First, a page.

Child Protection at Stageskool

u003cpu003eStageskool provides a safe and secure environment for its students. The Stageskool Child Protection Policy is available to parents and staff at our schools.u003c/pu003enu003cpu003eStageskool requires its Principal, Deputy Principals, teachers and assistants to apply for enhanced clearance via the DBS – Disclosure and Barring Service (formerly CRB) and its structure is often used as an example of Best Practice when Child Protection issues are discussed.u003cstrongu003e u003c/strongu003eu003c/pu003enu003cpu003eStaff are required to complete regular courses in child protection, through our head of safeguarding.u003c/pu003enu003cpu003eRegular risk assessments and First Aid training are carried out.u003c/pu003enu003cpu003eStageskool holds a full public liability insurance.u003c/pu003en

Anti-bullying Policy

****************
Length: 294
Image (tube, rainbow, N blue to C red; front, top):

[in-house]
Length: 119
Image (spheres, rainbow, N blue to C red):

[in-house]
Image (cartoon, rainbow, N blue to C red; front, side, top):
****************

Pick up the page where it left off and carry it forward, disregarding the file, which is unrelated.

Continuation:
u003cpu003eu003cstrongu003e​u003c/strongu003eStageskool takes bullying very seriously, and all children and parents should be assured that known incidents of bullying will be responded to. All staff actively encourage our classes to be an open and friendly environment in which the young people involved feel safe and valued. Stageskool will not accept behaviour from students that undermines this principle.u003c/pu003enu003cpu003eObjectives of this Policyu003c/pu003enu003culu003enu003cliu003eAll teachers and non-teaching staff, students and parents to have an understanding of what bullying is.u003c/liu003enu003cliu003eAll teachers and non-teaching staff to know what the school policy is on bullying and follow it when bullying is reported.u003c/liu003enu003cliu003eAll students and parents to know what the school policy is on bullying, and what they should do if bullying arises.u003c/liu003enu003c/ulu003enu003cpu003eu003cstrongu003eWhat Is Bullying?u003c/strongu003eu003c/pu003enu003cpu003eWhilst there is no legal definition of bullying, it is usually defined as repeated behaviour which is intended to hurt someone either emotionally or physically, and can sometimes be aimed at certain people because of their race, religion, gender or sexual orientation or any other aspect such as appearance or disability. This can be over a short period of time, or sometimes over longer periods.u003c/pu003enu003cpu003eu003cstrongu003eBullying can take many forms including:u003c/strongu003eu003c/pu003enu003culu003enu003cliu003ephysical assaultu003c/liu003enu003cliu003eteasingu003c/liu003enu003cliu003emaking threatsu003c/liu003enu003cliu003ename callingu003c/liu003enu003cliu003epeople calling you namesu003c/liu003enu003cliu003emaking things up to get you into troubleu003c/liu003enu003cliu003ehitting, pinching, biting, pushing and shovingu003c/liu003enu003cliu003etaking things away from youu003c/liu003enu003cliu003edamaging your belongingsu003c/liu003enu003cliu003estealing your moneyu003c/liu003enu003cliu003etaking your friends away from youu003c/liu003enu003cliu003ethreats and intimidationu003c/liu003enu003cliu003esending you offensive or upsetting textsu003c/liu003enu003c/ulu003enu003cpu003eu003cstrongu003eWhy is it important to respond to bullying?u003c/strongu003eu003c/pu003enu003cpu003eStageskool wants all children that are part of our community to feel safe, happy and valued. Bullying makes these feelings harder to achieve. No one deserves to be a victim of bullying, and everybody has the right to be treated with respect. Students who are also bullying need to be supported to make better decisions with their actions and words. Bullying occurs for a number of reasons and it’s important to highlight this to reduce the risk of the behaviour continuing.u003c/pu003enu003cpu003eu003cstrongu003eSigns and symptoms of bullying for teachers and parents.u003c/strongu003eu003c/pu003enu003cpu003eA change in student’s behaviour may suggest that they are being bullied. Adults should be aware of these possible signs and that they should investigate if a child:u003c/pu003enu003culu003enu003cliu003echanges their usual routineu003c/liu003enu003cliu003eis unwilling to do things they would usually dou003c/liu003enu003cliu003estops attending or wanting to attend classu003c/liu003enu003cliu003ebecomes withdrawn anxious, or lacking in confidenceu003c/liu003enu003cliu003eseems low in moodu003c/liu003enu003cliu003espends free time in class on their ownu003c/liu003enu003cliu003ecries themselves to sleep at night or has nightmaresu003c/liu003enu003cliu003econtinual complaints of feeling ill in the morningu003c/liu003enu003cliu003ebegins to make less effort then previouslyu003c/liu003enu003cliu003ehas possessions which are damaged or u0022go missingu0022u003c/liu003enu003cliu003ehas unexplained cuts or bruisesu003c/liu003enu003cliu003ebecomes aggressive, disruptive or unreasonableu003c/liu003enu003cliu003eis bullying other children or siblingsu003c/liu003enu003cliu003ehas changes in appetiteu003c/liu003enu003cliu003eis frightened to say what’s wrongu003c/liu003enu003c/ulu003enu003cpu003eThese signs and behaviours could indicate other social, emotional and/or mental health problems, but bullying should be considered a possibility, be investigated and the young person offered support.u003c/pu003enu003cpu003eu003cstrongu003eOutcomesu003c/strongu003eu003c/pu003enu003cpu003eAll known/reported incidences of bullying will be investigated by the class teachers or by the Principal. Parents of the student who is showing bullying behaviour will be spoken to about the incident and about any concerns that they may be having. We request that the parents support Stageskool with resolving the situation. The child displaying the bullying behaviour will be asked to apologise. Wherever possible, the students will be reconciled. The student is given an opportunity, if they wish, to meet with the bully face to face in a safe and supervised setting and talk through the impact that the bullying has had, or is having, on them. This is a good opportunity for both parties to gain an understanding of how their behaviour affects others.u003c/pu003enu003cpu003eIn serious cases where a student shows no change in behaviour and an unwillingness to alter their behaviour or choices, Stageskool will have no alternative but to remove the student from Stageskool’s Registry.u003c/pu003enu003cpu003eWhen an incident of bullying has taken place, teachers and managers will inform the Principal of any incidents or concerns they have about students in their class.u003c/pu003enu003cpu003eu003cstrongu003ePreventionu003c/strongu003eu003c/pu003enu003cpu003eAt Stageskool, we use a variety of methods to support children in preventing and understanding the consequences of bullying; including promoting teamwork, fair play and a supportive network within the student’s peer groups. Stageskool teachers actively encourage children to have respect for each other. Our ethos has always been to guide and encourage our students, allowing them to express and develop their personality, skills and confidence within a great atmosphere, as this is something we always strive to achieve. Kind and polite behaviour is regularly acknowledged and encouraged. Staff will reinforce expectations of behaviour as a regular theme in line with what they are learning in class. Teachers and Chaperones are vigilant regarding groups of friends together. Friendship groups are important for young people’s social development, and whilst friendship is encouraged, they must also be supported towards welcoming others to join them, and not excluding others from their group. Staff reinforce a general message that children do not have to be best friends with everyone else, but they must be respectful of everyone else’s feelings and be kind to each other. Older students are involved with the prevention of bullying and are encouraged to take on a supportive role to look out for the younger students and to set an example of how to behave both in class and with their peers. Students are also encouraged to have an open dialogue with teachers as this leads to an increased likelihood of a young person talking to a tutor with any concerns they may have.u003c/pu003enu003cpu003eu0026nbsp;u003c/pu003en